Taxpayers for Common Sense submitted comments to the Environmental Protection Agency on the Renewable Fuel Standard Program: Standards for 2019 and Biomass-Based Diesel Volume for 2020. They can be accessed in PDF, or read below:
August 17, 2018
Comments to the Environmental Protection Agency on the Renewable Fuel Standard Program: Standards for 2019 and Biomass-Based Diesel Volume for 2020
83 Federal Register 32024 (July 10, 2018)
Docket No: EPA–HQ–OAR–2018–0167
Dear Acting Administrator Wheeler:
Taxpayers for Common Sense (TCS) provides the following comments to the Environmental Protection Agency (EPA) on its proposed rule entitled “Renewable Fuel Standard Program: Standards for 2019 and Biomass-Based Diesel Volume for 2020,” which was published at 83 Federal Register 32024 on July 10, 2018. TCS is a national non-partisan not for profit budget watchdog group that has been working on behalf of the nation’s taxpayers since 1995.
Thank you for the opportunity to offer comments on this proposed rule, which will dictate the level of biofuels consumed in our nation’s fuel supply in 2019 (and 2020 for biomass-based diesel). TCS has long been a critic of the Renewable Fuel Standard (RFS) program, because of the federal mandate’s increased costs on taxpayers and consumers. We appreciate EPA’s recognition of some of these costs in its 2019 proposed Renewable Volume Obligations (RVOs). However, as the Agency noted, aside from increased fuel costs, EPA did not assess other costs that consumers and taxpayers bear with greater biofuels mandates, including but not limited to the following:
- Billions of dollars in federal tax credits and other federal expenditures on biodiesel, cellulosic biofuel, blender pumps and other special infrastructure,
- Higher food and feed costs,
- Damages to and failures of small engines and older vehicles that are not designed to run on higher blends of ethanol,
- Increases – instead of decreases – in greenhouse gas emissions of corn ethanol, the biofuel used to fill the majority of the RFS mandate, and
- Increased public health, environmental, and social costs as sensitive land such as grasslands are converted into corn and soybean fields to grow more feedstocks for biofuels, resulting in negative impacts on soil, water, air, and wildlife habitat (as detailed in EPA’s recent Second Triennial Report to Congress on the environmental impacts of the RFS[i]).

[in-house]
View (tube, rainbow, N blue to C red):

Overall, EPA proposes to increase overall renewable fuel, advanced, and cellulosic biofuel requirements in 2019 as compared to the final 2018 standards.[ii] The total renewable fuel volume would increase from 19.29 billion gallons in 2018 to 19.88 billion gallons in 2019, an increase of 590 million gallons. The advanced biofuels mandate would increase by the same amount from 2018 to 2019. The cellulosic biofuel RVO is proposed to increase by nearly 100 million gallons, from 288 million gallons in 2018 to 381 million gallons in 2019. The 2020 biomass-based diesel volume would also increase to 2.43 billion gallons, up from 2.1 billion gallons in 2018 and 2019.
EPA estimates that these increases in the biofuel mandates would increase fuel costs for consumers. But EPA’s estimates do not even begin to account for any of the other taxpayer or consumer costs listed above. The increase in consumers’ fuel costs from 2018 to 2019 alone is expected to range from $380–740 million.[iii] Because cellulosic ethanol production has not kept pace with Congressional mandates set forth in the Energy Independence and Security Act of 2007 (EISA), EPA proposes to waive the 2019 cellulosic RVO by 96 percent (from 8.5 billion gallons in statute to just 381 million gallons in the proposed RVO). EPA estimates that this reduction will save consumers $4 – 22 billion since cellulosic biofuels are generally more expensive than gasoline (costing approximately $0.49–$2.65 more per gallon).[iv]